Calcium and Calories: Contributions to Division 1 Collegiate Female Athletes' Diets – Preliminary Results

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Journal/Book Title/Conference

Idaho Academy of Nutrition and Dietetics


Pocatello, ID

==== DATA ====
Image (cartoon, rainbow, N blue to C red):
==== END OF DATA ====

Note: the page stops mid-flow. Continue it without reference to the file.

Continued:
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It is important for female athletes to consume adequate calories and calcium to support bone health and to decrease risk for bone fracture. Universities provide foods via refueling stations, team dinners, etc. However, little research exists on the contribution of these foods on athletes’ overall intake. The current study is designed to assess the contribution university-provided foods make to the overall dietary intake of calories and calcium of Division 1 collegiate female athletes. Twenty five athletes are currently enrolled in the study. Participants are asked to complete 4 online dietary recalls (3 weekdays and 1 weekend day). Participants begin and end the study based on their individual training and travel schedules. Seven participants have completed all 4 dietary recalls. These athletes (n=7) report consuming an average of 2165 ± 871 kcals, and 1351 ± 724 mg of calcium daily. For the 5 athletes who reported consuming university-provided foods, these foods contributed to their total intake of calories and calcium (11 ± 6 % and 16 ± 9%, respectively). Of the 28 days reported, university-provided foods were consumed on 12 of those days. Mean calories and calcium intake were higher on days when university-provided foods were consumed (2592 ± 776 vs 1846 kcals, p=.022; and 1778 ± 845 vs 1149 ± 701, p=.041, respectively). These preliminary results suggest that university-provided foods improve the dietary intake of calories and calcium among collegiate female athletes.

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